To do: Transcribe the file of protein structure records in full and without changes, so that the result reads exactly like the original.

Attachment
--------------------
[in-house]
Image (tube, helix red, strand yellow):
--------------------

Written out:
[in-house]
Image (tube, helix red, strand yellow):